Q. The ventilation basics in the guidelines are: “Supply as much fresh or filtered air as possible; exhaust air to the outside or clean it with high-efficiency filters; control airflow to move air up and away from people.” Here it feels like there is good news, too: Ventilation is crucial, but portable air purifiers are inexpensive and effective.

A. Air purifying units are cheap and practical. They were $75; now they’re probably over $100. We’ve seen a lot of price gouging, but they’re still pretty cheap. Buy the cheapest one with a HEPA filter — none of this ultraviolet stuff or other snake oil — and make sure it vents upward. Movable Plexiglass barriers help keep the airflow safe.

Q. That was a surprise for me. I’d thought Plexiglass was mainly hygiene theater, but it has a real use.

A. It’s theater as far as pretending it’s going to shield one table from another. Plexiglass is nice to do between tables if you want to space them, but the most important use for them is to block horizontal air ventilation, especially if a table is next to an air intake vent. Air intake vents are one of those things restaurants can’t change, so you can try to move tables away from that air intake vent, or you can easily buy Plexiglass barriers and position them so that they block horizontal transmission. One of my many schemes that was too expensive was to get health departments to use public health money for COVID relief to give hourlong free consults with HVAC engineers for restaurants looking to reopen: Here is a realistic assessment of your restaurant, your square footage, your ventilation system, how many portable air purifiers you need and where. We have an online tool, but it’s not as good as having an engineer come in and give you a good consultation.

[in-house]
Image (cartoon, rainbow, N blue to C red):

Q. And what are the recommendations for distancing?

A. When keeping distance between tables, 6 feet. I’m dying for the CDC to revise that guidance. Schools have moved to 3 because there’s been such low transmission, but they have not changed that for adults. We will change ours the minute the CDC changes, but nothing has so far.

Q. Let’s talk about vaccination and how that works in restaurants, both in terms of staff and customers.

A. One of the main public health messages we are trying to emphasize for restaurant owners is that the first priority is vaccination for all your workers. Make it easy. Give them paid time to do it. The restaurant operators I really admire have gone online and made appointments for their workers, or they have followed up with all their workers with text messages: I sent you the link, have you registered, when are you going to get vaccinated? They’ve made it very easy and prioritized it. But diners still have to follow the rules. The vaccinated can’t get away with something: “No, I’m fine, I can keep my mask off because I’ve been vaccinated.” Restaurants can’t be in the business of verifying vaccination.


Q. When diners decide to go out for dinner, what should they ask? What should they look for?

A. I think they should feel good if they see the Diner Code of Conduct and the COVID Pledge up in the window. I would ask, “What have you done for ventilation? What are the new steps you’ve taken and how does it work in your restaurant?” In New York, I ate in one of those outdoor cabanas with a big, wide opening. There’s not the cross-ventilation I would like, but one door is open. I said to the server, who was incredibly friendly, what is your procedure between dining parties? I wanted him to say we take a big-ass fan and vent it out, but he said we’re very careful about wiping down the table. I thought, you should know by now that’s not what counts.

Q. So: You’ve put together a set of guidelines designed to help make themselves obsolete. What does the picture look like to you in the near future?

A. We don’t see herd immunity coming until Labor Day at the very earliest, and probably not then. There’s this triumphalism that everybody is going to be vaccinated — God willing, but I think these basic rules still have to stay in place.

Interview was edited and condensed.

Devra First can be reached at Follow her @devrafirst.